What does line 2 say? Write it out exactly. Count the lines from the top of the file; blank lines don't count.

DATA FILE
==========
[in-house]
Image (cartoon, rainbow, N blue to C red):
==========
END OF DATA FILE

Image (cartoon, rainbow, N blue to C red):